November 8, 2019

Posted by orrinj at 7:23 AM


Batteries vs. Blackouts: 1,100 Homes Powered Through Vermont Outage With Storage (JULIAN SPECTOR, NOVEMBER 07, 2019, GTM)

Home batteries proved their resilience value during Vermont's Halloween blackout.

A major rain and wind storm struck the state at the close of October, knocking out power to some 115,000 customers. Among those affected, 1,100 homes managed to keep the lights on thanks to pilot programs specifically designed to promote resilient backup power with energy storage. The battery backup service lasted nine hours on average, but the longest instance stretched to 82 hours.

The event offers a timely data point for other jurisdictions mulling the use of home batteries for resilience. Northern California community power purchasers yesterday requested proposals for home batteries to keep customers powered during the region's fire-season safety shutoffs. Such a model remains cutting-edge, but Vermont utility Green Mountain Power has shown it can be done effectively.

Posted by orrinj at 6:20 AM


Russia Laughs: Is He "Their" President Or Ours? (Joe Conason, November 7, 2019, National Memo)

"Have you lost your minds that you want to remove our Donald Ivanovych?" asked popular talk show host Vladimir Soloviev. Figures like Soloviev frequently apply that possessive (and protective) adjective to Trump, whom they discuss as if he were literally owned by a foreign state.

Of course, the Russians understand our system well and feel reasonably confident that even if the House votes to impeach Trump, he will survive a Senate trial. In the Daily Beast, Olga Skabeeva, host of that Russian 60 Minutes show, is quoted making a confident prediction: "A Republican majority in the Senate won't allow the president whom we elected, wonderful Donald Trump, to be sent off. It's impossible. He has 90 percent support in the Republican Party."

In that same article, another prominent Russian media figure is even more candid. According to film producer Karen Shakhnazarov, who frequently appears on Russian TV: "They say Trump is making Russia great. That's basically accurate. The chaos brought by Trump into the American system of government is weakening the United States. America is getting weaker and now Russia is taking its place in the Middle East. Suddenly, Russia is starting to seriously penetrate Africa ... So when they say that Trump is weakening the United States -- yes, he is. And that's why we love him ... The more problems they have, the better it is for us."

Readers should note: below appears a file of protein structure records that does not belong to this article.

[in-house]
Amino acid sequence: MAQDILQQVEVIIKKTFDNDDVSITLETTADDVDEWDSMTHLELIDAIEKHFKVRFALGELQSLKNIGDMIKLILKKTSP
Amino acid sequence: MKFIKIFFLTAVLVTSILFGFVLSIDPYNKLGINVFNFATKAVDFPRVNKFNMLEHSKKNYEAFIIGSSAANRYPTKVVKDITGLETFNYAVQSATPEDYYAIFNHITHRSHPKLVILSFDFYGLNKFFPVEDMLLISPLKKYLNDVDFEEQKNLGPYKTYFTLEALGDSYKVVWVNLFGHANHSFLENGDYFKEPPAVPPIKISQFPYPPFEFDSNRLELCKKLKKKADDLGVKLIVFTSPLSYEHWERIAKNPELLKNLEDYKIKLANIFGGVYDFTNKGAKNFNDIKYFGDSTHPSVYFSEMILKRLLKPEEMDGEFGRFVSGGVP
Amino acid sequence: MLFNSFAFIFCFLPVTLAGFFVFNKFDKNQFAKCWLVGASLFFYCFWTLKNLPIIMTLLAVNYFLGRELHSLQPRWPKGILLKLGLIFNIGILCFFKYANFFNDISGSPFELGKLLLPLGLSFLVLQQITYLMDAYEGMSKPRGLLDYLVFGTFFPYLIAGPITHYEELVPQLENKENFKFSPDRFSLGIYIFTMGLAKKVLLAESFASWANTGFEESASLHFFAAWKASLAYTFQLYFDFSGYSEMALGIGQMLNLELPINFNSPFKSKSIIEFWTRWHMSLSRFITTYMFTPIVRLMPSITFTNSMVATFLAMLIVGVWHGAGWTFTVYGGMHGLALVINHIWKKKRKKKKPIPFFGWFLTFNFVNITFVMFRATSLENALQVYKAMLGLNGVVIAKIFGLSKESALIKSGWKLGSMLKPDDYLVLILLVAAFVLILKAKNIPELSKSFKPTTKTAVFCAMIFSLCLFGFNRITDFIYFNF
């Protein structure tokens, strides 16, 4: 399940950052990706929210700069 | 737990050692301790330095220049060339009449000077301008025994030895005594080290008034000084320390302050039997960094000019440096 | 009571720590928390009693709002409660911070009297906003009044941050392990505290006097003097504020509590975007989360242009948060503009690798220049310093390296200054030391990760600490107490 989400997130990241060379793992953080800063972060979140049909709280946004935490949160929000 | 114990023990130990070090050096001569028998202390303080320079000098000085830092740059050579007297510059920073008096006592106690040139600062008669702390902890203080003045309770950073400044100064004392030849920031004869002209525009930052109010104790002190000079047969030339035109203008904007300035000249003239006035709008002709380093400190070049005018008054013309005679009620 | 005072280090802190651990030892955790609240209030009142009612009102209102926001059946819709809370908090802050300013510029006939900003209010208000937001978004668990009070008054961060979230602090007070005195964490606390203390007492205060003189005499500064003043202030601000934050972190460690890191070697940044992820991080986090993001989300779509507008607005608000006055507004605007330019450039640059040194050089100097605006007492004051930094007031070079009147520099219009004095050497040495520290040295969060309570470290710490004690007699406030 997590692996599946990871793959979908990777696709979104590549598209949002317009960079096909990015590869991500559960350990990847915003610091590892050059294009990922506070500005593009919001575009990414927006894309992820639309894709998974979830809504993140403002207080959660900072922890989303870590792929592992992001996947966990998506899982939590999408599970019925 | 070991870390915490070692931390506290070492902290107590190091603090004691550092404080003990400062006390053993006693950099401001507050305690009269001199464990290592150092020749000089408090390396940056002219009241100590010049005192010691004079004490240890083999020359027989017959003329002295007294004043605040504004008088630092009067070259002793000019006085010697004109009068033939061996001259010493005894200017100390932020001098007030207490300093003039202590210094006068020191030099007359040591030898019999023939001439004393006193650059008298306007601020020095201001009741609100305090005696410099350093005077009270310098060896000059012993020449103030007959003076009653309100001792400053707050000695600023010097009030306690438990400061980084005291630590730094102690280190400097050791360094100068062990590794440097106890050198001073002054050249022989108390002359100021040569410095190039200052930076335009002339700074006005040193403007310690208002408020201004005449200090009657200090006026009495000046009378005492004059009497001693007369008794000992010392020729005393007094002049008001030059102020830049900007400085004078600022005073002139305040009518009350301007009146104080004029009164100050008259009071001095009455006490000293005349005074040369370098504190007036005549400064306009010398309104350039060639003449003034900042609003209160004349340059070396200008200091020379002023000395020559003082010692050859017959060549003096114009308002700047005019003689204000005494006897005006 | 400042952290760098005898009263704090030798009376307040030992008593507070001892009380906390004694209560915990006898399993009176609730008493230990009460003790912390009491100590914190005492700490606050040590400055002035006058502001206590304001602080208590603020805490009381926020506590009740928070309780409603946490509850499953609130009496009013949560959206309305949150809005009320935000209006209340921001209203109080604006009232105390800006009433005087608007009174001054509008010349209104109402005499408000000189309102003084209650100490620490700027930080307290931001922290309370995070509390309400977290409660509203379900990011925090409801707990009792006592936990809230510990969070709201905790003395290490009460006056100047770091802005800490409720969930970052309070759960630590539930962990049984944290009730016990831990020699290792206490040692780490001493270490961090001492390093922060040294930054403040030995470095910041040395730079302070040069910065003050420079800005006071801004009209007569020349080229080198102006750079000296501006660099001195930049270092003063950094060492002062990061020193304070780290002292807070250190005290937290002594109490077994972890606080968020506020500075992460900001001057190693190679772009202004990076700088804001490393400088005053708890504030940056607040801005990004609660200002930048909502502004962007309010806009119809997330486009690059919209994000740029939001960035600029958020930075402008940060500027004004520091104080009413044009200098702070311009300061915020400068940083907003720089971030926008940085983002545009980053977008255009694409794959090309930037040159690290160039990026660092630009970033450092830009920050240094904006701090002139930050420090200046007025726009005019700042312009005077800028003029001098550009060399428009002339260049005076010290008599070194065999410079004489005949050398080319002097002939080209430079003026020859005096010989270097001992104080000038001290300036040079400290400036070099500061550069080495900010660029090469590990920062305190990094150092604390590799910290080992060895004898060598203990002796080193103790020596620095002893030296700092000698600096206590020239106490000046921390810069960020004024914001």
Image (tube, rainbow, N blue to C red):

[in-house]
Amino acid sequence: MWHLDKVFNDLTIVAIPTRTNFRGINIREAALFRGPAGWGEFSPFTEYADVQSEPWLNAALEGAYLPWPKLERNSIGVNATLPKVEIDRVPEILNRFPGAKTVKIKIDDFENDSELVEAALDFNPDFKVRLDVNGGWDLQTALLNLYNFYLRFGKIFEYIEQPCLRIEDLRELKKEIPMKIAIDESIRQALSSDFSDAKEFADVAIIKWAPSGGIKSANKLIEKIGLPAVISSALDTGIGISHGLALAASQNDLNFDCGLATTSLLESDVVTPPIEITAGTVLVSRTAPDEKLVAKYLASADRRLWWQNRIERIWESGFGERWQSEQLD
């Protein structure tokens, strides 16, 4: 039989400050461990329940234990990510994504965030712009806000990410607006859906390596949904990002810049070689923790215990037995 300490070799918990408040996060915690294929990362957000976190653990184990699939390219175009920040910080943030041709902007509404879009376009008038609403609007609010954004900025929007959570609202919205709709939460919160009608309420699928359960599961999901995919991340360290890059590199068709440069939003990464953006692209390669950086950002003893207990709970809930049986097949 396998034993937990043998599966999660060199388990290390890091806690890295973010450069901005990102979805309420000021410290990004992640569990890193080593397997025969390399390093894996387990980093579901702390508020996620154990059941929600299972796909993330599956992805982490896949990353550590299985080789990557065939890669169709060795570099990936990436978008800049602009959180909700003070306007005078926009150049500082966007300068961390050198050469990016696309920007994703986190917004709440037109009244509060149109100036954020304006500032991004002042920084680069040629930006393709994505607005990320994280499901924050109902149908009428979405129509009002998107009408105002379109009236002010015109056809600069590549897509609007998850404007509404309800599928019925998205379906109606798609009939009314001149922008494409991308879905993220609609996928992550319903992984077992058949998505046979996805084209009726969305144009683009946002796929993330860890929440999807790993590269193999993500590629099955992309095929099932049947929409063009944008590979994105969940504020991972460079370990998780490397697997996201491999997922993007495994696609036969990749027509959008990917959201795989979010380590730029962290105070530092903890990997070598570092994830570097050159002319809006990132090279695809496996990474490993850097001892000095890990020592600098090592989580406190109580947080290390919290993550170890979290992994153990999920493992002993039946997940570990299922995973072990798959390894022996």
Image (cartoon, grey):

Posted by orrinj at 5:57 AM


Trump's immigration policy is in disarray: The president campaigned on bold immigration actions, but infighting, confusion and dysfunction have hampered his ability to follow through on those promises (ANITA KUMAR, 11/08/2019, Politico)

Key pieces of his agenda are stalled. Top aides are feuding. And there's worry that the very issue that swept President Donald Trump into office in 2016 could help cost him his reelection in 2020.

Nearly three years into office, Trump's attempts to match the lofty campaign promises he made on immigration are in disarray -- the wall remains largely unbuilt, so-called sanctuary cities are still receiving federal money and birthright citizenship remains intact. And over at the sprawling Department of Homeland Security, a bitter dispute recently erupted over who should head the agency tasked with enacting Trump's immigration policies, leading some frustrated aides to plot ways to circumvent federal law and push for the leader of their choice.

The danger for Donald is that the 20% core that supports him only cares about the racism. 

Posted by orrinj at 5:51 AM


House Republicans appear to be throwing Giuliani, Sondland, and Mulvaney under the bus to save Trump (Peter Weber, 11/08/19, The Week)

House Republicans have now started "sowing doubts about whether Sondland, Giuliani, and Mulvaney were actually representing the president or freelancing to pursue their own agendas," the Post reports. This is just one theory Republicans are testing out -- others include that Trump didn't have "corrupt intent," that quid pro quo's are commonplace, and that Trump is too incompetent to carry one off. "In a sign of how the GOP is scrambling, however, many of those theories run counter to each other," the Post notes.

Yes, it was a crime but I didn't mean it, am too stupid to effect it or had my staff do it.  Besides, Ukranians are scum....

Posted by orrinj at 5:43 AM

Posted by orrinj at 5:26 AM


Hayek, Republican Freedom, and the Universal Basic Income (MATT ZWOLINSKI, NOVEMBER 6, 2019, Niskanen)

Hayek's devotion to the ideals of free markets and limited government is well-known. His most famous book, The Road to Serfdom, argued that economic and political liberties are tightly connected, and that liberal democracies cannot safely curtail the former without also endangering the latter. His later works, especially The Constitution of Liberty, set forth a positive vision of a free society centered on the idea that individuals should be left largely free to act on the basis of their own values and beliefs, rather than those of government regulators or planners, in both the personal and economic dimensions of their lives.

While everybody knows that Hayek saw himself as a champion of individual freedom, few understand the precise nature of the freedom that Hayek sought to defend. Unlike many libertarians, who understand freedom primarily in terms of non-interference or respect for property rights, Hayek subscribed to a republican theory in which freedom consists of being able to live one's life "according to [one's] own decisions and plans, in contrast to ... one who was irrevocably subject to the will of another." [...]

Hayek's republican political theory provides one of the main theoretical foundations for his strong support of free markets. Although many contemporary republican theorists have been either overtly hostile or at best lukewarm toward the market economy, Hayek saw correctly that market competition can serve as one of the most effective guarantors of republican freedom.